What is Mine is Yours: The Art of Operational Integration
Technical Report,05 Jul 2015,26 May 2016
US Army School for Advanced Military Studies Fort Leavenworth United States
Pagination or Media Count:
Integrating partners, both joint and multinational, is essential to victory for the United States Army in todays complex world. How does a commander successfully integrate partners into his operations so that they can together attain their objectives Current doctrine contends that this is important, but does not offer any guidance on the tools necessary to ensure effective integration. This monograph proposes that the personality of the commander is of the utmost importance when attempting to integrate partners. A commander who strives to achieve shared understanding with his partner, is willing to use his force to help his partner accomplish his mission, and is humble and self-aware can effectively integrate his unit across services or national boundaries. Two contrasting case studies will be used to support this theory. The first, LTG Sandy Patch in Operation AnvilDragoon in 1944, will show a humble commander who strove for shared understanding with his Air Force counterpart, and used his forces to help the Air Force achieve its mission while he sought to successfully complete his own. The second case study, LTG Joseph Stilwell in the China-Burma-India in 1944, will demonstrate how his abrasive personality, a misunderstanding of strategic objectives with the Chinese, and lack of resources led to the failed integration in the disastrous First Burma campaign. The conclusion of this monograph argues that the personality of the commander is the most significant part of operational integration. The commander who is willing to listen to, assist, and respect his partner will be far more effective at integration than the commander who cannot do any of these things.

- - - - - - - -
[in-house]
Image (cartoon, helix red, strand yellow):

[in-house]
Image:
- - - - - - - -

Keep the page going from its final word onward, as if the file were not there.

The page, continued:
- Military Operations, Strategy and Tactics
- Humanities and History